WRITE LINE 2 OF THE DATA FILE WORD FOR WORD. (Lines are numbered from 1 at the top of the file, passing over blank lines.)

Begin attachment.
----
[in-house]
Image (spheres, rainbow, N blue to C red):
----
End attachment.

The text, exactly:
Image (spheres, rainbow, N blue to C red):